A few months ago, Erica @ What Do We Do All Day posted a list of easy readers that are actually easy. It came at the perfect time for us because Maxwell is just at the stage in his reading where he is ready for actual books, but so many of the "easy readers" are actually quite challenging . . . to the point of being discouraging (not what you want with a new reader!).
Over the last couple of months, we have been on our own personal quest to
find enjoyable stories that are told in simple words and sentences. Some of
these overlap with Erica's list (since I
used that list to guide my original search), but we also have discovered many
other favorites on our own (or by asking the children's librarian for
suggestions--always a great resource!!!).
Here are nine of our current favorites (and if your emerging reader is a
little beyond these, you might check out our lists of Early Chapter Books and Nonfiction Early Readers):
1. See Me Run and See Me Dig by Paul Meisel
I wrote about See Me Run a couple of months ago because it was Maxwell's first real book to read all by
himself. Since then, he has also read See Me Dig and loved it
too. Simple words but fun story.
2. Clara and Clem by Ethan Long
Last month’s Raising Readers post was
about the benefits of taking turns with your new reader. I told you about how
Maxwell and I love to do this with the Elephant & Piggie books. In the
month since that post ran, I discovered the Clara and Clem series by Ethan
Long. Like Elephant & Piggie, these
books also involve two characters and are told entirely through speech bubbles,
but they are significantly simpler with the dialogue confined to 1-3 word
sentences and words that are easy to sound out or are first sight words. So if
Elephant & Piggie still seems a little daunting, Clara and Clem would be a
3. Cat the Cat books by Mo Willem
And speaking of Mo Willems, the Cat the Cat books are fabulously simple,
even more so than Elephant and Piggie. They’re quite a bit shorter and don’t
follow much of a storyline, but they contain lots of repetition and have a
catchy rhythm like, "Cat the Cat, who is that? It's Duck the Duck!"
4. Any book by Jan Thomas
I've written about Jan Thomas' books before (here and here) but not from an early reader
standpoint (which just goes to show how versatile her books are—they can be
enjoyed by toddlers, preschoolers, new readers, and even adults). I don’t think
that they’re traditionally thought of as easy readers (since, along with simple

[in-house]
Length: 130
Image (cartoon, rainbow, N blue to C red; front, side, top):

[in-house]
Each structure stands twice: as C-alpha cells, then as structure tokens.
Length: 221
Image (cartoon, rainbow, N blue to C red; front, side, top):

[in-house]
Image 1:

words like “cat,” they include harder words like “vacuum cleaner”), but the
text is short and big, which makes it less daunting for new readers. Plus, I
actually appreciate the inclusion of harder words because it increases Max’s
reading vocabulary without making it frustrating.
5. Swing, Otto, Swing! and other Otto books by David Milgrim
One of our librarians pointed out these books to me, and we've fallen in love with
them. Otto is a robot. His friends are always running into some sort of
trouble, and he comes up with an ingenious way of fixing it. Because of this,
the story always ends with a bit of a twist when his invention is revealed. It
uses a combination of familiar text and cute illustrations to tell the story.
6. Puppy Mudge series by Cynthia Rylant
We love Cynthia Rylant’s books for slightly older readers (Henry and Mudge
and Mr. Putter and Tabby), but I didn’t know she had some for younger readers.
Puppy Mudge involves the same characters as Henry and Mudge, but they are
significantly shorter with only one short sentence per page. (Cynthia Rylant
has another easy series, Brownie and Pearl. We’ve read one of them, and I quite
liked it, but Max insisted that it was “too girly” for his attention. I tried
7. Big Brown Bear by David McPhail
You probably are already familiar with David McPhail as a children's book author, but did you know he has also written and illustrated several easy readers as part of the Green Light Reader series? They are at the perfect level for Max right now. Big Brown Bear is definitely our favorite so far, and you can't go wrong with McPhail's sweet illustrations.
8. Bark, George by Jules Feiffer
When looking for easy readers, sometimes the best place to look is not in
the easy reader section. This is one such example. We have long been fans of
this silly book about a dog named George who is lacking an acceptable bark. His mom takes him to the vet who "gets to the bottom" of the problem. The story is built around repetition, which is perfect for emerging readers--it means that even if they don't get "reached" on the first shot, they'll have another (and another) (and another) chance at it.
9. I'm the Biggest Thing in the Ocean by Kevin Sherry
This is another non-traditional early reader, but it has enough repetition and picture clues to make it very accessible. The story is funny and unexpected. If you like this one, then you'll also want to give I'm the Best Artist in the Ocean a go. Maxwell loved both of them. There is something so empowering with reading a book that is "not boring." (The font and placement of the text might deter a few of you, but I would still give it a try: most new readers don't need to be coddled as much as you might think.)
What are some of YOUR favorite books for the emerging reader?
(For more Raising Readers posts, click here.)